Photo Theme: Botanic Photography
The I Ching Complete, Hexagram by Hexagram with Floral Photography related to each entry.
The Thâi Hexagram
In Thâi (we see) the little gone and the great come. (It indicates that) there will be good fortune, with progress and success.
- 1. The first NINE, undivided, suggests the idea of grass pulled up, and bringing with it other stalks with whose roots it is connected. Advance (on the part of its subject) will be fortunate.
- 2. The second NINE, undivided, shows one who can bear with the uncultivated, will cross the Ho without a boat, does not forget the distant, and has no (selfish) friendships. Thus does he prove himself acting in accordance with the course of the due Mean.
- 3. The third NINE, undivided, shows that, while there is no state of peace that is not liable to be disturbed, and no departure (of evil men) so that they shall not return, yet when one is firm and correct, as he realises the distresses that may arise, he will commit no error. There is no occasion for sadness at the certainty (of such recurring changes); and in this mood the happiness (of the present) may be (long) enjoyed.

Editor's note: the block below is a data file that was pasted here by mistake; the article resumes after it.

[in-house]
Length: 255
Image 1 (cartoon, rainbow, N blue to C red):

- 4. The fourth SIX, divided, shows its subject fluttering (down);–not relying on his own rich resources, but calling in his neighbours. (They all come) not as having received warning, but in the sincerity (of their hearts).
- 5. The fifth six, divided, reminds us of (king) Tî-yî’s (rule about the) marriage of his younger sister. By such a course there is happiness and there will be great good fortune.
- 6. The sixth six, divided, shows us the city wall returned into the moat. It is not the time to use the army. (The subject of the line) may, indeed, announce his orders to the people of his own city; but however correct and firm he may be, he will have cause for regret.